We feed children to nourish them and as an act of bonding.
But it’s important to distinguish between your responsibility as the provider of food and the child’s responsibility as the eater of the food, and to help them form a healthy, normal relationship with food.
Food should be fun and satisfying, not used as a reward or punishment. And eating shouldn’t be a battle of wills. Generally speaking, children will eat if they’re hungry and that hunger will vary.
Infants and young children have small stomachs and need to be fed small amounts throughout the day. It doesn’t always have to be a hot, full-course meal.
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Most meals should include a small portion of protein, some carbohydrate from fruit or whole grains, and a vegetable or two. Snacks may be just one or two of these components. It could be whole wheat toast with peanut butter and a glass of milk or maybe an egg and some fruit for breakfast; a piece of chicken, some carrot sticks and some grapes would work for a quick lunch. Dinner may be a taco and salad or soup and sandwich. Snacks such as celery with peanut butter or cheese and crackers are quick and easy.
Everyone’s taste buds change over time, making it a challenge to find foods everyone likes.
Focus on finding some common foods children can customize, or have things like yogurt, hard-boiled eggs, low sodium deli meat or cheese available so they can help themselves to something else if they don’t want what you’ve prepared. You’re not a short-order cook and should avoid making different meals for everyone.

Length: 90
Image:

▪ Have a “baked potato bar” with chili, broccoli, cheese and salsa set out so they can add what they like, or make individual pizzas using tortillas or English muffins and have children add their own toppings.
▪ Give them control and let them play with their food. The more you expose children to different foods, the more willing they’ll be to try them.
▪ Make meal time “quiet time.” Turn off the TV, put away electronic devices and talk about the food.
▪ Ask children to describe how food tastes to them. What do they think about the colors? What does it feel like to chew that food?
▪ Ask them to taste just one bite of a food if it’s something new. If they don’t like it, let them know that may change when they get their “adult taste buds.”
Shelly Wegman is a registered dietitian at Rex Wellness Centers in Raleigh and Garner. Email: email@example.com
▪ USDA’s “What’s on Your Plate?” – choosemyplate.gov
▪ National Institutes of Health’s “We Can” – nhlbi.nih.gov/health/educational/wecan
▪ Ellyn Satter and Associates – ellynsatterinstitute.org
▪ The Family Dinner Project – thefamilydinnerproject.org
▪ Super Kids Nutrition – superkidsnutrition.com
▪ Mindful Eating for Kids – mindfuleatingforkids.com